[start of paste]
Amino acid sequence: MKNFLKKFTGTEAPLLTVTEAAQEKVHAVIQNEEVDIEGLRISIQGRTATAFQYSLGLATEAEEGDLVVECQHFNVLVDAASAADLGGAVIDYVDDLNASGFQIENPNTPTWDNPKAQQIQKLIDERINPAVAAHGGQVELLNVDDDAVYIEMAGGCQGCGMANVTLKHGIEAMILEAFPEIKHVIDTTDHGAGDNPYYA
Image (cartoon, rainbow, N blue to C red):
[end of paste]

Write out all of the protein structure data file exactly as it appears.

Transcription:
Amino acid sequence: MKNFLKKFTGTEAPLLTVTEAAQEKVHAVIQNEEVDIEGLRISIQGRTATAFQYSLGLATEAEEGDLVVECQHFNVLVDAASAADLGGAVIDYVDDLNASGFQIENPNTPTWDNPKAQQIQKLIDERINPAVAAHGGQVELLNVDDDAVYIEMAGGCQGCGMANVTLKHGIEAMILEAFPEIKHVIDTTDHGAGDNPYYA
Image (cartoon, rainbow, N blue to C red):